In the very first images of Eleni Kamma’s diptych film, we simultaneously discover both the trunks of dozens of trees that stand like ghostly singular presences in the Florya Atatürk Park, and the workshop of pupeteer Emin Senyer. He cuts up a buffalo skin. He works the leather until it is almost transparent. In his nimble fingers, a monument gradually takes form that looks like a Russian Orthodox church. As he dyes it to create coloured projections, he recounts the Destruction and tells a singular tale, that of Y. Bahri Doğançay, a soldier in the 27th cavalry regiment, who declared to have been the one to rig the explosive device that blew the monument up in 1914. Doğançay, a thoroughly martial figure, evokes the people of Istanbul, who had already taken pickaxes to the monument’s surrounding walls the previous day, the local police commissioner’s astonishment and anger at this regiment’s intervention, the magnificence of the monument, the fuses that he and his fellows lit with their cigarettes, the danger they risked, and the difficulties they had in destroying the building. He finally evokes the government’s indecision, the order given to stop this destruction on the morning of 14 November, the permission finally given to complete the work methodically, and how the monument ruins “now constituted a danger to the population”; the spectacular U-turn of authorities caught on the back foot.

The Karagöz projection lamp is called a şem’a, literally a candle, but is generally an oil lamp. The images are projected on a white muslin screen, known as the ayna, which means mirror. Imagining her work in the form of a double projection, Eleni Kamma plays on this mirror-like set-up. While the trees of Florya Park continue to scroll by, like hieratic shadows, puppeteer Emin Seyner constructs his theatre, this cloth stretched on a frame like a painter’s canvas, ready for the shadow play. When he evokes the monument’s enclosure during Doğançay’s account, Eleni Kamma’s camera films the railings around Florya Park. Other accounts of the event, relayed by the press at the time, back up Doğançay’s epic narrative. The commentary that unfolds on the left side of the diptych, in counterpoint to the narrative told by Emin Seneyr, is based, among other sources, on articles from the Tanin, close to the Committee of Union and Progress, or from the highly influential Tasfiri Efkar. The tone is official, nationalistic and rather emphatic. The Tasfiri Efka details, for example, that the monument’s four bells were transferred to the Military Museum and exhibited alongside another national symbol: the heavy chains that prevented sea access to the Golden Horn during Mehmed II the Conqueror’s siege of the city. As soon as the puppeteer goes behind the screen, ready to bring the Destruction to life, his shadow figures at last ready, Eleni Kamma films another screen, a banner strung all the way across the top of a big Yeşilköy building. Here, a stone’s throw away from the place where the Russian monument stood, a building site is under-way, in construction, the promoter proffering an image of what the final result will be like.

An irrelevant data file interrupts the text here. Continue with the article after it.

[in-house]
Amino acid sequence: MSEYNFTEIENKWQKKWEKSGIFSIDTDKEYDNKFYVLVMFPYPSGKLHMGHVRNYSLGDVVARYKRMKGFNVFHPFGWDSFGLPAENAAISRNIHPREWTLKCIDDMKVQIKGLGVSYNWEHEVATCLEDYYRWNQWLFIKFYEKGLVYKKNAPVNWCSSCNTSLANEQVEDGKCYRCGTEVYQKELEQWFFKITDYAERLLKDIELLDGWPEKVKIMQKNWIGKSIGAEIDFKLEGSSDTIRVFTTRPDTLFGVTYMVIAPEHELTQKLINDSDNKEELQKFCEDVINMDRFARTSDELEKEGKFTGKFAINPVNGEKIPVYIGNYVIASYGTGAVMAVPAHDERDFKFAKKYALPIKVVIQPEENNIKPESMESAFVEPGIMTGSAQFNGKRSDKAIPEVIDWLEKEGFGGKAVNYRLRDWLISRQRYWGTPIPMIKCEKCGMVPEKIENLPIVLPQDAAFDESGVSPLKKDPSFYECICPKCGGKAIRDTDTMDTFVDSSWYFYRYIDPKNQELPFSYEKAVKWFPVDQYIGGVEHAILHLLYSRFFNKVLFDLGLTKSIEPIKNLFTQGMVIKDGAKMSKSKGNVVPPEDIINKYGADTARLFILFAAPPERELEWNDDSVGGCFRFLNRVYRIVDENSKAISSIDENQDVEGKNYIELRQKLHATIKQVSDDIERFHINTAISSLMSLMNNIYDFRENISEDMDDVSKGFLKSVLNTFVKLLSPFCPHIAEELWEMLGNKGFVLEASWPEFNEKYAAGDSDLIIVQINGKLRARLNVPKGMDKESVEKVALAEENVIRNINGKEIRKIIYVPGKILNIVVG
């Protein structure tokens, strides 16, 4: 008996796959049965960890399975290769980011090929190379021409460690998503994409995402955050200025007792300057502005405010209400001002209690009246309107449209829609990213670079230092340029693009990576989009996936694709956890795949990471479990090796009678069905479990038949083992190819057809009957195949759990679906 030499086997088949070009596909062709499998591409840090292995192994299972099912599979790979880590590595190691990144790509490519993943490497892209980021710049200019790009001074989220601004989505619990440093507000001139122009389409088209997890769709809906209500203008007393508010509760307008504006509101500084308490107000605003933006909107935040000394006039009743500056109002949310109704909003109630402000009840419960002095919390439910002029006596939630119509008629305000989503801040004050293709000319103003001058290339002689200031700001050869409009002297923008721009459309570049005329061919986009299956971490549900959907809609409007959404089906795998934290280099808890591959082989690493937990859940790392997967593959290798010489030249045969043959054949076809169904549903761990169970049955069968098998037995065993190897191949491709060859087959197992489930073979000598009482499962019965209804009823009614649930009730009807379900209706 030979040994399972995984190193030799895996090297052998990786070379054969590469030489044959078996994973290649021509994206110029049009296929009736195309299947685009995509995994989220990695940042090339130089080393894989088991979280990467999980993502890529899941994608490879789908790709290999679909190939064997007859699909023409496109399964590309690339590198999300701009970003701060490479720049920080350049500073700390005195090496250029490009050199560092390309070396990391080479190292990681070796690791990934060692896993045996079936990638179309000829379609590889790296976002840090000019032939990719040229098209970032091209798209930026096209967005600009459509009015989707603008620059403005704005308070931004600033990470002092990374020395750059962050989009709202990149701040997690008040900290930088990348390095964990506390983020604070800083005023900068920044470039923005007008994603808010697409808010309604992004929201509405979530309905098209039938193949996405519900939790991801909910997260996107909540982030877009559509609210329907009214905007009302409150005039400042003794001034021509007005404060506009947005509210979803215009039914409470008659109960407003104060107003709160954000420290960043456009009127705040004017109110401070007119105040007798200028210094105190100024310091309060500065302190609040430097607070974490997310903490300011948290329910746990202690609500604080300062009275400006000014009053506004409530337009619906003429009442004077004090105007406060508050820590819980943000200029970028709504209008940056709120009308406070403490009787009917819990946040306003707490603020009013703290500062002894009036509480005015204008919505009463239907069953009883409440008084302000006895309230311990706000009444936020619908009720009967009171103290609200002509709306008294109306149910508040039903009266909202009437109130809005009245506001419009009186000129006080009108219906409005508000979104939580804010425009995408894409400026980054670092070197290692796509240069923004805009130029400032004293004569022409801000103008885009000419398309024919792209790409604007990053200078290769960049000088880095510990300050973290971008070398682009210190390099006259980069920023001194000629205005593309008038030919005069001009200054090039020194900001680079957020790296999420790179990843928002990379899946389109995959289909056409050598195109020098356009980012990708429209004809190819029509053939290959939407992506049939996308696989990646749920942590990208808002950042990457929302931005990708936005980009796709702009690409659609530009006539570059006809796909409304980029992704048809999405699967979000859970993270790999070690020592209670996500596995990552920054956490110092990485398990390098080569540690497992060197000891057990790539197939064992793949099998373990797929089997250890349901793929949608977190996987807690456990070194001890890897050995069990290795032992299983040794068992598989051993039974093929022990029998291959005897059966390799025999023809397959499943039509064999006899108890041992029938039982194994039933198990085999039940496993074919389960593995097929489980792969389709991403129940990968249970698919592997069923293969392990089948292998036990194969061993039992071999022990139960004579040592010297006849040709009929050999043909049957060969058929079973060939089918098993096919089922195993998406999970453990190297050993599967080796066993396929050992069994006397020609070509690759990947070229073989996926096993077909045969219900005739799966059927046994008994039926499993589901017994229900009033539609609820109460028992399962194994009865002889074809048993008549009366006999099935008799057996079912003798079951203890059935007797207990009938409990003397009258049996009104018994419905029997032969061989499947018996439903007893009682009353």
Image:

Eleni Kamma commissions the reconstruction of a monument; in cinematic terms, she produces a remake of its destruction. Emin Senyer performs this undertaking. The Karagöz prologue always ends with injunction to have fun; Hacivat indeed traditionally declares as the prologue closes, Yar bana bir eğlence, “Oh, for some amusement”. It is Hacivat who watches and is witness to the destruction of the Russian monument. “With his nasal twang”, Michèle Nicholas again notes, “he is the petty-bourgeois, the village pedant who quakes before authority. Sycophantic to the powerful and affluent, he uses a flowery language, full of erudite words and metaphors. He knows high-society etiquette inside out and displays upper-class moral principles. He is a cold, calculating, opportunistic erudite, the go-between to whom people turn when they need a service or a favour.” A cavalryman and a man on foot enter the scene. The Russian monument is at the centre of the stage; the cavalryman and man on foot finally set about destroying it, in a comical way. And as the Russian monument explodes, its shadow projected on the screen, we learn that, during a meeting with Recep Tayyip Erdogan in 2012, at the very moment that the Syrian situation was at the heart of all political conversations, Vladimir Putin offered his Turkish counterpart to restore the Russian monuments and grave stones in Turkey and the Turkish monuments and gravestones in Russia. Including the Russian commemorative monument in the well-to-do Istanbul suburb, Ayastefanos.

Eleni Kamma’s mirror images go well beyond recalling a historical episode at the start of the First World War. Between the real and imaginary, the play on shadow and light that they reveal, between a lost film, archive sources, popular traditions, social satire, contradictions and political history, the film reactivates memory. The images of the shadow play project us into the real: that of an Istanbul suburb today, that of the world too. For one cannot but think of current protests, of the current dangers of rising nationalism, of the temptations of territorial expansionism, of the situation of minorities, and the shock of cultures and religious conflicts. Eleni Kamma indeed cites the lines of T.S. Eliot: “Between the idea / And the reality / Between the motion / And the act / Falls the Shadow”.

(translation: Melissa Thackway)

1 François Georgeon, “La montée du nationalisme turc dans l‘État ottoman (1908–1914). Bilan et perspectives”, Revue de l‘Occident musulman et de la Méditerranée, 50, 1988.
2 Marie-Michèle Martinet, “Où est passée Zozo Dalmas”, Le Monde blog, 2009
3 Michèle Nicolas, “La comédie humaine dans le Karagöz”, Revue du monde musulman et de la Méditerranée, 77–78, 1995.